The Alpine Trail did not disappoint. The shuttle (Oregon Adventures) grunted and bounced us up a dirt road into the soil-soaking clouds – the driver stopping a couple times to explain trail crossings and intersections. Soft, black loamy dirt and a brisk first climb delivered us to a cool, foggy meadow with views to other wooded ridges decorated in wisps of mist.

Not a technical trail like, say, the Downieville Downhill, smooth, flowing singletrack with great berms and occasional steeps and tight switchbacks quickly had me counting this as one of my favorite rides. As we lost elevation, soil occasionally gave way to loose shale or dry dirt with a few sections of steep exposure off the side. And while the majority of the 14 miles were downhill, both Lynn and I were spent by the time we were done.

Another long drive through some Portland and Seattle area traffic landed us in Lynn’s college town of Bellingham, Washington. The last trip here in February sold Lynn on her Transition Smuggler, and she was eager to bring it back to its native habitat – Galbraith. This time our loop of SST was dryer and we were both a little quicker, but I did enjoy the tackier winter conditions of our first trip. Amazing trail building really keeps you on your toes – and while I love my Trance – I did kind of miss the Transition Patrol I demoed last time. Must resist.

The drive up Highway 2, over Stevens Pass, had this Sierra snob wide-eyed on our way to Leavenworth Washington, where we met up with Lynn’s parents and friends. One of her friends, Tommy, lead us on the Freund Trail. Starting off in quickly rising temperatures and a longer, steeper climb than we’d done in a while had me doubting, but once the trail turned downhill into an endless series of berms and whoops, I took it all back. Lynn said it was her favorite ride of the trip, and while it didn’t dethrone Alpine Trail for me, it was a blast.

On the Wenatchee River. #toasterroadtrip

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After a stop in Reardan, Washington near Spokane, where Lynn grew up, we pointed south, crossing into Oregon at The Dalles, and set up the tent in a familiar favorite – Smith Rock State Park, just north of Bend. While we brought a rope, harnesses, shoes and other climbing sundry, the crowds and heat dissuaded us from tackling Smith Rock’s amazing walls. Instead, we spent our days mostly in Bend, checking out breweries, hitting up some great restaurants, and sampling the Phil’s Trail Network.

Early morning at #smithrock #toasterroadtrip

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This area was decidedly XC compared to our previous destinations. Starting up the smooth and gradual Ben’s, we cut over on Voodoo into some chunky and awkward terrain before a seated pedal “downhill” on Phil’s. I’m betting this is a network that takes some time to suss out the best stashes and sequences.

A day after getting back to Truckee and I’m already poking around the internet, looking at videos of Ashland, Oregon and Issaquah, Washington, pondering the next trip. I think I might be willing to expand my territorial range in a northwesterly fashion.

The baby bear to the momma bear in my last post. #leavenworth #pnwonderland #toasterroadtrip #latergram

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Transition Patrol Demo Review + Galbraith Ride

Transition Bikes have been on Lynn’s and my radar for a while now, not only because they’re from her neck of the woods, but because we’ve seen a lot of solid reviews and get a vibe from the company that we both appreciate – fun first.

With a trip up to Bellingham, Washington planned, Lynn called ahead to see if we could demo some bikes – for her, to find out if the Transition Smuggler was what she wanted in a 29er trail bike (we rode the Trek Remedy and Trek Fuel a while back), and for me to ride whatever awesome bike I felt like, in this case the Transition Patrol.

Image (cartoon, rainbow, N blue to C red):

We walked into their unassuming warehouse on a drizzly Friday afternoon, got our pedals on, suspension dialed in and seats adjusted, then handed them $20 each that goes entirely to local trails.

That was a $20 well spent, it turns out, as Galbraith, a dense and extensive network of Bellingham trails, was awesome.

We went full enduro with clear-lensed Smith Squad MTB goggles (more on those down the road) and pedaled up the trail. This was my first time on a really slack (65 degree head angle) enduro-y bike with a super short stem and 800 mm bar, and I was curious if the archetype lived up to the hype, or if they were wasted on all but the most extreme terrain.

While I can’t speak for the whole 6-inch travel slack, long and low genre, the Transition Patrol was definitely not hype.

Climbing was a pleasant surprise, which, for my 6’3″ self at least, was largely due to the steep seat tube angle, which kept me over the cranks, not hanging out over the rear hub. The suspension always moved slightly with each pedal stroke, no matter the position of the climb lever, but never excessively, or to the detriment of forward progress.

Even the long, slack front end didn’t wander as much I worried it would. Being generally out of shape and not having a lot of time on one-by drivetrains, I was wishing for an easier gear or two, but other than that, there isn’t much to say about the way up.

Then we got to a trail named Family Fun Center on our way to SST and Golden Spike, where the fun really began. My bike, a Giant Trance 27.5 isn’t some old-school XC geometry relic. In fact it’s pretty awesome. But the stupid stuff the Patrol let me get away with left me grinning ear to ear – whether it was dipping a bar into a bermed turn or letting it roll over a steep drop without really checking out what happened on the other side.

Quick in the corners yet stable enough to save my bacon in some rough spots, playful yet burly, it would be fair to say this short ride left me impressed. Next time I’d set up the suspension a touch softer (never bottomed out on either end), and had no idea how to make a 1-point turn around a couple of switch backs at the end of the ride, but I can see how this bike could be a quiver-of-one for many riders.

Tight chainstays are all the rage these days, and while I’m no manualing monster, it made small corrections and steering from the hips a little easier than on bikes like my Trance or the Remedy.